p66Shc, the 66Kd Shc protein, is an age-related adaptor protein that has a substantial impact on mitochondrial metabolism through regulation of cellular response to oxidative stress.[25] It was reported that high-level As induces severe redox imbalance by decreasing the levels of glutathione and increasing the levels of ROS through the oxidative stress adaptor p66Shc, which induces apoptosis by activating the cytochrome c-caspase.[26] In the present study, it was shown that arsenic promoted the expression of p66Shc, which decreased after treatment with curcumin. p66Shc is a ROS-generated enzyme. It can clear mitochondrial membrane, react with the cytochrome C to produce H2O2, and open mitochondrial permeability transition pore to release ROS to the cytoplasm. When the expression of p66Shc is upregulated, the generation of ROS increases and the oxidative damage to cells becomes severe,[7] meaning that the concentration of ROS correlates positively with the expression of p66Shc. We postulated that arsenic plays its offensive role through the p66Shc/ROS pathway, and curcumin could influence this pathway to play a protective role. However, this requires further verification.

In addition, we also examined the influence of curcumin on the proliferation of ovarian cells and found that the proliferating cells were mainly granular cells. These cells provide nutrition and support for ovarian follicles' growth and development.[8] We found that the number of proliferating granular cells in the curcumin-treated groups was significantly higher than in the 0 mg/kg curcumin group. Cell proliferation is one of the most important indicators that can reflect the severity of cell damage, as well as offer protection to oxidative injuries. The high proliferating granular cells in the curcumin-treated group in this study show that curcumin can protect the ovaries from oxidative injuries. This protective role is played by direct reduction of the oxidative product and elevation of the antioxidant enzyme, which reduces damage to ovarian structure and function and promotes the proliferation of granular cells.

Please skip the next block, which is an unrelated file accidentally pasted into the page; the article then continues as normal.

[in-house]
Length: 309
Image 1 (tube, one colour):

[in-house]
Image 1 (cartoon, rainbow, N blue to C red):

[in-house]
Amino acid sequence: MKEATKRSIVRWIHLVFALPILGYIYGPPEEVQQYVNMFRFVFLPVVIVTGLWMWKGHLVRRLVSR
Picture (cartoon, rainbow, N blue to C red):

Of course, the present study is not without limitations. Animal models are never perfect. Arsenic is a harmful element that very probably induces systemic effects other than ovarian oxidative stress, and these systemic effects could participate in metabolic imbalances that could bias our results. In addition, only a few proteins were examined, and the mRNA expression levels were not assessed. Additional studies using a wider panel of markers should provide more insights into the mechanisms responsible for arsenic toxicity to the ovaries as well as the mechanisms for the protective effects of curcumin.

In conclusion, curcumin can scavenge free radicals and improve the antioxidant state in mouse ovary. Then, it plays a key role in the generation of ROS through the regulation of p66Shc. Moreover, curcumin could promote the proliferation of granular cells in mouse ovaries. Thus, curcumin, a well-established, safe, and nontoxic traditional Chinese medicine, might have a potential application in the treatment of ovarian oxidative stress.

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Conflicts of interest

There are no conflicts of interest.